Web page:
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Parasites never cease to amaze me.

A particularly cool phylum of parasites are the nematomorphs. As you’ll see below, they’re some pretty tough buggers.

Nematomophs are only parasites when they’re juveniles, and the adults are free-living. Nematomorph eggs are consumed by the juvenile stage of aquatic insects, which carry their parasitic hitchhikers with them when they morph into their adult forms and move to the terrestrial environment. If the nematomorph is lucky, then their host will be eaten by another terrestrial insect after it dies, which will transmit the parasite to the next stage of its life cycle. Typically, the terrestrial insect is an unfortunate cricket, who harbors the nematomorph as it transforms into an adult.

This is where things get cool. When the parasite becomes an adult it needs to return to the aquatic environment in order to find mates. Despite the fact that crickets typically avoid water, infected crickets will actually commit suicide, drowning themselves in the nearest water body. At this point, the worm squirms out of the body of its dead or dying host. This is a pretty extreme case of behavioral manipulation, and you may have even seen some stage of this manipulation without knowing it. Keep your eyes open when you pass by puddles (or a pool, or a hot tub…..), and look for crickets squirming around on the water surface or long worms swimming around in the puddle. The whole process looks like this (video taken by Frederic Thomas):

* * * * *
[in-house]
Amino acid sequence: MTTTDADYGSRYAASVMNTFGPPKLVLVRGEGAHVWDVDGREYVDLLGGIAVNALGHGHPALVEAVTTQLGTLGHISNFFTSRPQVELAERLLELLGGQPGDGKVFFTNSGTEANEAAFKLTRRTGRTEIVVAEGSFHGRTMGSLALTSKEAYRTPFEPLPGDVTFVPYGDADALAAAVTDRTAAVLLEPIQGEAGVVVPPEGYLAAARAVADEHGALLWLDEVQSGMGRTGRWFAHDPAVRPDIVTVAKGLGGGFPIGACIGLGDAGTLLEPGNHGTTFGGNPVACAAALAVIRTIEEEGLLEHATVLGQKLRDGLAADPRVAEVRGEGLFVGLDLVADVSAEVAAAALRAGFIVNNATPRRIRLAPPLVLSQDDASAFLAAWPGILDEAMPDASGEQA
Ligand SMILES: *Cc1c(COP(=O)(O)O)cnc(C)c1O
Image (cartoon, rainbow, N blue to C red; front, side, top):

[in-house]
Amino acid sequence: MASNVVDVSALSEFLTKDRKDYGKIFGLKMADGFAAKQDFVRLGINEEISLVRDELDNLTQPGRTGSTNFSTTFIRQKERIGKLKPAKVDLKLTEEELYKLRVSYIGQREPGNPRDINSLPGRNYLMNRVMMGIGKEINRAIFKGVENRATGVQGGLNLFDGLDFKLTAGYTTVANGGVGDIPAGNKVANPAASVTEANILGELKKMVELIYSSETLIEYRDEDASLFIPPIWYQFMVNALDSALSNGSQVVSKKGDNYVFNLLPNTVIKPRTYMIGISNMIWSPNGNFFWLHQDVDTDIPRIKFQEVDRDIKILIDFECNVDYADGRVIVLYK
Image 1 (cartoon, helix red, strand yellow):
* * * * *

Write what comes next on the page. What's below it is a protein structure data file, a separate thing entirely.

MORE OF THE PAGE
As you can probably tell, it takes some time for the worm to work its way out of its cricket host. This could be bad news for the worm, as a wriggling cricket on the water surface looks like a perfect snack for a hungry fish or amphibian. For most species, being consumed by a predator would mean death. Because parasites are endlessly awesome, for these worms predation simply means a short detour on the road to worm-orgy (they mate in large groups).

If you’re a nematomoph, the predation of your host is apparently no big deal. They simply move up through the predator’s digestive tract on their way to freedom. For frogs, they exit through the mouth. Check out this awesome video: